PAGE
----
Edeline Agoncillo is pictured in Edmonton on Saturday October 24, 2020. Agoncillo has been under a lot of pressure during the pandemic, working when she can and collecting CERB, but still needs to send money back to family in the Philippines. THE CANADIAN PRESS/Jason Franson

Edeline Agoncillo is pictured in Edmonton on Saturday October 24, 2020. Agoncillo has been under a lot of pressure during the pandemic, working when she can and collecting CERB, but still needs to send money back to family in the Philippines. THE CANADIAN PRESS/Jason Franson

CERB, extra hours and bottle returns: supporting overseas family during the pandemic

Canadian incomes have also fallen, putting those helping relatives abroad in a tight spot

Edeline Agoncillo sends up to $1,400 of her wages to the Philippines every month and keeps only a few hundred dollars for herself, even during the COVID-19 pandemic.

The money Agoncillo sends without fail — a remittance, it’s called — ordinarily comes from cleaning houses in Edmonton. It supports her elderly parents, her daughter, her son and his child.

During the pandemic, as work dried up, she drew on the federal government’s $500-a-week Canada Emergency Response Benefit to support not only herself, but also her family across the Pacific.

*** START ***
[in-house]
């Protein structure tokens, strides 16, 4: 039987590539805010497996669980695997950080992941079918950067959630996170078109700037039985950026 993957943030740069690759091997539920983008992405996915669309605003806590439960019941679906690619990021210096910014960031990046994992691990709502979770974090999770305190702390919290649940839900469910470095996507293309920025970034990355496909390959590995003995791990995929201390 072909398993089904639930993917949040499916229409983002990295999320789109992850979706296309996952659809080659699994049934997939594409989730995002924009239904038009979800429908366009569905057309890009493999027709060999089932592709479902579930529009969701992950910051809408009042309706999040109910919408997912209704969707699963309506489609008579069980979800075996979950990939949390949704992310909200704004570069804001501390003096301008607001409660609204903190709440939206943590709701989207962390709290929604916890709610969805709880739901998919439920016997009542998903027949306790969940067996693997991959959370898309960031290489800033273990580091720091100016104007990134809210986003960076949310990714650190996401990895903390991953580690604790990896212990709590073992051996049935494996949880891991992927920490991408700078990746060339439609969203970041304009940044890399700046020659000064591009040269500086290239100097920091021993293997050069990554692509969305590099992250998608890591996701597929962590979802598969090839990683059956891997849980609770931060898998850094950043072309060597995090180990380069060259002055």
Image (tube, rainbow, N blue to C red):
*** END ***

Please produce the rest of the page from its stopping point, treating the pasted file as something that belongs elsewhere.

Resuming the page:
“They have to eat every day; the medication of my parents has to continue every day, and nobody sent their money, just me,” Agoncillo said.

The Agoncillo family is like many in the Philippines, where one in 10 households relies on a relative overseas. Remittances are a huge part of the global economy, exceeding foreign direct investment in low- and middle-income countries for the first time last year.

But then the pandemic struck and The World Bank made a gloomy prediction in April that these transfers would plummet by 20 per cent this year because of COVID-19.

Migrants often give more when their home countries are in crisis. But with the pandemic pummelling economies everywhere, economists thought the flow of money would slow down. Initially it did, but remittances largely recovered by the middle of the year.

People may be earning less, but they are still sending money home.

“We don’t really have a choice,” said Marjorie Villefranche, director of Maison d’Haïti in Montreal, describing the responsibility of the diaspora to send money back to Haiti, one of the world’s poorest countries.

Agoncillo was scared to work when the pandemic started, and families didn’t want her to clean their homes. When she does work, she asks her clients for their deposit-return bottles to make an extra $30 to $40 a week.

She has been sending her parents about 30 per cent more each month since March, because one of her sisters, who is jobless in Dubai, can no longer help. Agoncillo can manage because she lives with two others and she spends as little as possible on herself.